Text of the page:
• In the event the second factor device is not connected to a message network, an embodiment of the method and system described herein may send a set of pre-issued passcodes to the user in advance. When the user subsequently accesses the login system with his/her credentials, the second login window would show the gathered contextual information and a request to the user to enter a combination of one or more pre-issued passcodes that, when entered in the proper combination creates a session specific code that, once validated, grants the user access.
  • The present invention relates to different aspects including the method described above and in the following, and corresponding systems, devices, and/or product means, each yielding one or more of the benefits and advantages described in connection with the first mentioned aspect, and each having one or more embodiments corresponding to the embodiments described in connection with the first mentioned aspect and/or disclosed in the appended claims.
  • BRIEF DESCRIPTION OF THE DRAWINGS
  • Exemplary embodiments of the present invention are described herein with reference to the drawings, in which:
  • FIG. 1 is a block diagram illustrating an exemplary embodiment of the invention.
  • DETAILED DESCRIPTION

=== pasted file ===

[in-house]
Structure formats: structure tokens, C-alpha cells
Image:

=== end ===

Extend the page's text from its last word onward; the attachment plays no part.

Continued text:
• FIG. 1 is a block diagram illustrating an embodiment of the method and system disclosed herein. In particular, FIG. 1 depicts an architecture diagram employing a computer-implemented user-authentication system (4) for providing an intended authorised user (1) access to a target component (14) of a computer system while preventing access by unauthorized users. The target component (14) may be a computer program, a computer or other data processing system, a computer network, or any other computer-accessible entity requiring authentication. The computer-implemented user-authentication system (6) may be a suitably programmed data processing system such as a server login screen program, a network access login program or similar, that comprises of suitable interfaces to a first private or public communications network (11), to one or more authentication systems (6) such as application login or network login systems such as a web site login system like Outlook Web Access or a windows login system such as the Windows Gina interface but with an added two-factor authentication system based on a real-time session-specific SMS One-Time-Passcode system (4) connected to a message based system such as a SMS message based gateway that is connected either via a computer serial interface or via a network to a hosted gateway and where the gateway is connected to a cell phone or similar network network and is able to send a message via said cell phone networks SMS service or a similar message network to a user device (10) or an instant message system based gateway that can transmit a message via a public or private network via a central or distributed set of computers to a separate program residing on the same or a different computer than the one used for login where the user has used a different method to login into the said instant message gateway user program and where the said instant message program will present the send information in a separate window from the one used to login with (2). The user-authentication system (4) provides the functionality of a traditional 2-factor authentication system based on SMS unlike a hardware token held by a user containing a code generator and a hardware display as seen by RSA or a soft token generator running on a cell phone showing the one-time passcode token in a cell phone display or a regular message based code that is pre-issued and valid for a period of time. Unlike the known alternatives, the real-time session-specific one-time passcode system (4) generates a unique one-time passcode for each specific login session only valid for that particular login session containing contextual information about that session. The first factor, usually a username and password, is validated by the authentication system (6). The authentication system (6) is described in more detail below. Besides generating the second factor of the 2-factor authentication system (4), the system also collects contextual information so that the intended authorised user can verify if he has been fraud from an unauthorized user, ex. from an attack commonly named man-in-the-middle. This is typically done via the network (11) connected to the system (2) that is attempting to logon. The contextual information is after the first factor has been validated presented to the user via either the same system (2) or via a second system via second network ex. system (13) via network (12). Alternatively the user-authentication system (4) can be integrated within an existing 2-factor authentication system to provide functionality regarding the collection of contextual information and the presentation to the intended authorised user (1).